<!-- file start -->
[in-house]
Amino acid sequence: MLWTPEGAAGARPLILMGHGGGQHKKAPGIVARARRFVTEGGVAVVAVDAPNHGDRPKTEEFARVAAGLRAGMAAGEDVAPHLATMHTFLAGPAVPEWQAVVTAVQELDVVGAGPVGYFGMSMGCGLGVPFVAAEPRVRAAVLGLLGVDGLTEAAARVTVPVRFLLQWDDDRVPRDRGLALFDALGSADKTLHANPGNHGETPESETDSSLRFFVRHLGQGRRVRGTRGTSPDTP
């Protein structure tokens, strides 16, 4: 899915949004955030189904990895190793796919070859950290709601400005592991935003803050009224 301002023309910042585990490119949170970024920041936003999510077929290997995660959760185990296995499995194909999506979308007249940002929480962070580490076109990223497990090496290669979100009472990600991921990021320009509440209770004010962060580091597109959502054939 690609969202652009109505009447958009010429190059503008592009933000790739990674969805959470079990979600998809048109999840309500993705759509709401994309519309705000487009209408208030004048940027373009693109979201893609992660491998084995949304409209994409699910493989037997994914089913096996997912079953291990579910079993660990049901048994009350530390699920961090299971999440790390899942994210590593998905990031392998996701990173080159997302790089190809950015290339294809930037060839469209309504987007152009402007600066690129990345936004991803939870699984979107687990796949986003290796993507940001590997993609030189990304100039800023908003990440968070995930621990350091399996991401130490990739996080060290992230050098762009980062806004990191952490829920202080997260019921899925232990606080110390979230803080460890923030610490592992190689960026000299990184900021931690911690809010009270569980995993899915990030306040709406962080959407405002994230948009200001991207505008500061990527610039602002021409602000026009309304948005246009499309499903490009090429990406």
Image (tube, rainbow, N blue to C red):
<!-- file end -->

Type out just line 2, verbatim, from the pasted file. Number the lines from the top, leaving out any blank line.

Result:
Amino acid sequence: MLWTPEGAAGARPLILMGHGGGQHKKAPGIVARARRFVTEGGVAVVAVDAPNHGDRPKTEEFARVAAGLRAGMAAGEDVAPHLATMHTFLAGPAVPEWQAVVTAVQELDVVGAGPVGYFGMSMGCGLGVPFVAAEPRVRAAVLGLLGVDGLTEAAARVTVPVRFLLQWDDDRVPRDRGLALFDALGSADKTLHANPGNHGETPESETDSSLRFFVRHLGQGRRVRGTRGTSPDTP